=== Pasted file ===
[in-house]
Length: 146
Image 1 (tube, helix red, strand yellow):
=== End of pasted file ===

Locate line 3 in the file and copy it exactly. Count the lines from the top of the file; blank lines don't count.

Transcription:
Image 1 (tube, helix red, strand yellow):